Henry Graham Sharp, Freddy Mésot, Freddie Tomlins, Felix Kaspar, Elemér Terták, Markus Nikkanen, Herbert Alward, Emil Ratzenhofer and Jean Henrion at the 1937 World Championships in Vienna.  Photo courtesy Julia C. Schulze.

In January of 1937, Herbert finished second at an international competition in St. Moritz held in conjunction with the European Speed Skating Championships. He went on to place in the top five at both the European and World Championships, establishing himself as a bona fide medal contender at the senior level. The following season, he achieved just that, winning the bronze medal at events. At the European Championships, the German judge actually tied him with the winner, Felix Kaspar, in free skating. His medal win at the World Championships that season was by the narrowest of margins, ironically on the strength of his school figures as he was known as a better free skater. In 1939, he finished second at the 'Ostmark' Championships but opted to represent Great Britain, the country of his parents' birth, at the World Championships in Budapest. When Germany annexed Austria, he was invited to a meeting with Hans von Tschammer und Osten, whom the Nazi's had appointed as Reichssportführer. He was promised full training facilities and support if he would skate for Germany, but he declined.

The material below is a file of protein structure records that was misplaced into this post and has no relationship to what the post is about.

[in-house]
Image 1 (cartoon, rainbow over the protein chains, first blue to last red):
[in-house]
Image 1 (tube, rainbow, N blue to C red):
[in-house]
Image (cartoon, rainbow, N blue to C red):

In the spring of 1939, Brits living in Austria were advised to flee the country. Wisely, the entire Alward family hightailed across the English Channel immediately following the 1939 World Championships. The fact that Herbert's older brother William was by then working as a courier with a travel agency may have helped secure their safe passage. Herbert and his sister Bessie took up residence in a semi-detached home on Birchwood Avenue in Wallington, Surrey. Census records note that she was an artist; he a student and German interpreter.

During World War II, Herbert enlisted as a Flight Lieutenant with the Royal Air Force. He spent close to a year in the North African and Mediterranean Theater of Operations, working with the 381 Wireless Unit in Tunisia and Italy, which intercepted and decoded German and Italian messages. A feature in "Skating World" magazine recalled that he "ended his service career at BAFO Air Headquarters, Buckeberg, where his linguistic ability brought him the uneasy job of Officer [in charge of] German civilian labour." He was twice being mentioned in dispatches, and was awarded the M.B.E. for his service.